I love this image. It is from the Sistine Chapel. I don't really know why. It is a cropped image. A very simple composition. I have seen it reproduced 100 times on everything from a notebook cover to the outside of a pocketbook. When I think further I do know why it appeals to me visually. Two hands that are almost touching. Almost making a connection. It seems that there is anticipation illustrated in that space between the two hands. Almost tells a story. These are the things that I thought the first time I saw it. Before I went to art school. Before I studied the first word of art history. I just thought it was beautiful. I had no idea it was indeed a narrative. That it was an illustration of God and Adam. An illustration of the exact moment that God was giving life to Adam. From Wikapedia I understand, "The image of the near-touching hands of God and Adam has become one of the single most iconic images of humanity..." I think I have to agree that it is a fantastic vision of humanity. Trouble with lots of people thinking this is that it becomes an overused image. We see it so frequently it may be possible to disregard it. And because it is only one tiny snippet of the huge ceiling mural. Michaelangelo's masterpiece.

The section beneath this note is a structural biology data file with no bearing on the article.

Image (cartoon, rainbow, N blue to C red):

So the story is...."God is depicted as an elderly white-bearded man wrapped in a swirling cloak while Adam, on the lower left, is completely nude. God's right arm is outstretched to impart the spark of life from his own finger into that of Adam, whose left arm is extended in a pose mirroring God's, a reminder that man is created in the image and likeness of God (Gen 1:26). Another point is that Adam's finger and God's finger are not touching. It gives the impression that God, the giver of life, is reaching out to Adam who receives it; they are not on "the same level" as would be two humans shaking hands, for instance."
To me, it is still a powerful illustration of humanity (probably taken out of context), but nonetheless!